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There was this one time I dated a Republican. I actually didn’t realize he was a Republican until after I did some research and found his writings on a right wing website. During the span of about 5 months, we never discussed politics. Although we discussed religion, I never assumed just because he was Catholic, that Catholicism and his political views aligned. I took my best friend as an example. Raised Catholic, but clearly a Democrat. There were times when subjects such as abortion and women’s rights came up, and he had strong views against it, but that still doesn’t make a person a Republican. After I discovered his political writings online, I sent him an email and said, “Oh…interesting views.” His reply was a simple, “Yes, I think they are as well.” That night we planned a dinner as usual and never approached the subject again. Eventually he relocated, but we still keep in constant contact with each other.

There are several notable people that don’t share the same politics as their significant other. For example, former California governor, Arnold Schwarzenegger is Republican, but his estranged wife, Maria Shriver, is a Democrat. Not only is Mariaa Democrat, but I tend to refer to her as a“super” Democrat, because of her Kennedy bloodline.  Then there’s political strategists Mary Matalin and James Carville. Carville is a staunch democrat, and ran Bill Clinton’s 1992 Presidential election. His wife, Mary, a Republican, ran the first Bush’s failed reelection. Both are seen occasionally debating each other on CNN and other news outlets. In an interview with CNN’s John King, the question was raised, how do they live in a household with such opposing views:

King: Our viewers have watched throughout the year. And so you come in here exclusively with us. And they often ask, “How can these two disagree so much and get along?”

And so we asked people to text in a question for James and Mary. And here’s what we got from Indiana:

“Love you both. Can you show both houses of Congress your secret for compromise?”

Matalin: Well, we’re not a democracy. We’re an enlightened MOM-archy. That’s what we are. [Cross talk.]

Carville: I don’t — it’s nothing if — as long as one person is not arguing, there’s nothing to argue about. I don’t have a — [Laughter.]

Carville: I don’t have a position on anything domestically. So I just say yes, and then go on and do it. I mean it. I would say the three ingredients to successful marriage is surrender, capitulation and retreat.  If you’ve got those three things —  [Laughter.]

Matalin: Spoken like a true liberal. What a martyr. Faith, family and good wine. That’s how we do it.

The fact that two political heavy hitters like Matalin and Carville are living harmoniously with different political affiliations shows me that, it not so much your political affiliation that matters, but if you’re able to disagree amicably about issues, and not bring them to the bedroom.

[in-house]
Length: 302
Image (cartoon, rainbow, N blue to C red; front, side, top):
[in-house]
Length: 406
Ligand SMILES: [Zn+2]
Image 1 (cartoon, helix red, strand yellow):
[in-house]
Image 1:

Does political affiliations play a role in your dating or marriage?

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  • jamesfrmphilly

    who you will do IS a political decision!

  • Nikki79

    My boyfriend is African American and is a strong republican. He has done work with Black Republicans and the Republican Party in our community. I am also African American and a strong democrat. I am very active in the political world due to my career and the space I am in leans very strongly to the liberal/democratic side. In 2008 we went to the polls together and he voted for McCain and I voted for Obama. I have no problem with him having his political views. We talk politics all the time. We watch the conventions, political shows, and political debates. We agree to disagree on many things. We both have an open mind and respect our differences in opinion. I don’t think my boyfriend could be who he is if he were to change his political views. He wouldn’t be the same man because it does influence many of his own personal beliefs and values. I enjoy it. Keeps me on my toes. I think it makes our relationship more dynamic.

    • Val

      I’m curious, Nikki, to know what your boyfriend thinks of the racism in the Republican Party? And what you think of it in terms of him being a Republican.

    • lol

      me too

    • jamesfrmphilly

      he cannot think and be black and be a republican

  • No it does not- I am very conservative, my boyfriend is liberal leaning. It makes for good conversation.

  • The Mighty Quinn

    To align yourself with a party, you are aligning yourself with their ideals, their vision of the future. I could not ever be or be involved with a republican. Even friends that are liberal republicans (oxymoron) bother me because ultimately you are voting against women, for keeping the rich, rich and the poor, poor and want to mix church and state. I am against all of those things. When you look at both the RNC and the DNC, the DNC audience represented the America I want to live in, multi-cultural, multi-lingual and above all multi-racial. The RNC audience represented NONE of that.

  • Rosey

    I’d date a Republican. If anything happened, I’d still go get an abortion over their objection.